I think one of the hardest parts of this process is to be inspired. That’s not to say that I don’t know that inspirational things and people are all around me all the time. They are 1000%. But getting out of my head and letting my mind explore ideas is not something that comes easily. As someone who likes order, has a hair of anxiety, spends all day at work writing contracts that are scrutinized under a fine tooth comb, and who operates in a general sensory overload - It can be hard to let that go. Like some of y'all may know, any moment of silence is an opportunity for my brain to over analyze the thoughts of the day or in general just focus on irrelevant things.
In order for me to let my mind wander and create things, I have to literally zone out. But not too deliberately or I’ll start the mundane conversations in my head. A kind of middle ground, if you will. For the most part in life, music has gotten me there. All kinds of music. My dad gave me the gift of appreciation for just about every kind of genre there is. From Otis Redding to Fleetwood Mac to Dr. Dre - I’m all over the place.
As Rick Rubin would say - I was collecting seeds all those years. And if you’ve ever got time, read his book called The Creative Act. It’s amazing. A little hippie dippie here and there - but the concepts are solid. Rick says that the goal is to open your attention to the world, letting inspiration and the world around you collect seeds that you can plant later on. The job is not to judge the initial ideas or think to much about them, but just collect them:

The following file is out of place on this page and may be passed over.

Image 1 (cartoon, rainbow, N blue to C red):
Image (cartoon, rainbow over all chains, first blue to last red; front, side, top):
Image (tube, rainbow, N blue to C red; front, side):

“In the first phase of the creative process, we are to be completely open, collecting anything we find of interest. We can call this the Seed phase. We're searching for potential starting points that can grow into something beautiful. At this stage… we simply gather them. Collecting seeds is best approached with active awareness and boundless curiosity. It cannot be muscled, though perhaps it can be willed. Often the most accurate signposts are emotional, not intellectual. Excitement tends to be the best barometer for selecting which seeds to focus on. When something interesting starts to come together, it arouses delight. It's an energising feeling of wanting more. A feeling of leaning forward. Follow that energy.”
So, I allowed my mind to drift anywhere and everywhere. With music and in silence. In front of a computer and staring at the pavement while walking. Observing anything and everything I could. Adding to my running list of seeds (A literal bulleted list of things). Staring at what was in front of me - seeing the repetition of patterns like sidewalk cracks, or posts on a fence, or bushes in a row took me out of my head. Just enough to lose the conversation, but not interesting enough to start a conversation about these mundane observations. This was creative work. And all of these ideas - ones that came from music or boredom, good ideas that came from bad ideas, and ideas that came from fear (But more often confidence) are what I can’t wait to show you in my art. There’s a lot of rambling now that I’m re-reading this, but the takeaway is that it’s always different for each person to figure out how to get those creative juices flowing.